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Title: An evaluation of community care services for the elderly in Hong Kong
Authors: Dr. LAM Gigi 
Issue Date: 2022
Source: Public Administration and Policy, 2022, vol. 25(3), pp. 336-349.
Journal: Public Administration and Policy 
Abstract: Purpose This article analyses community care services (CCS) in terms of availability, awareness, accessibility, and acceptance (the Four A’s approach), untangles the deep-seated factors underlying the CCS and provides some short-term, medium-term, and long-term recommendations. Design/methodology/approach A literature review was conducted, including relevant government reports, consultation papers, Legislative Council papers and articles from academic journals from 1980 to the present. Findings The Four A’s approach shows that applicants to both centre-based services and home-based services endure lengthy waiting times because of the limited number of CCS. Furthermore, the awareness of day respite services is approximately 50 percent, which lags behind other CCS. Accessibility is contingent on a cross-district day respite service system and a lack of consistency between the quota and the proportion of older adults in the districts. Finally, the level of service provided by CCS is unsatisfactory due to inflexible service provision. Reviewing the brief history of long-term care services (LTC) reveals the deep-seated factors at the core of their heavy reliance on the subvention model, in contrast to the adoption of the ‘mixed economy of care’ by residential care services (RCS). An imbalance in budget allocation to RCS and CCS is also revealed. Originality/value Although the principle of ‘ageing in place’ was introduced in 1977, the institutionalisation rate (6.8 percent) of older adults remains unexpectedly high in Hong Kong, even surpassing its Asian counterparts, whereas the usage rate of CCS hovers around 0.8 percent. Thus, how to implement policy concerning LTC services for older adults must be re-evaluated.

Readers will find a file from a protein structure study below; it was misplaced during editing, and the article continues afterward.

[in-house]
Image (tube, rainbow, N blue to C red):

Description: Open access
Type: Peer Reviewed Journal Article
ISSN: 1727-2645
DOI: 10.1108/PAP-08-2022-0098
Appears in Collections:Sociology - Publication

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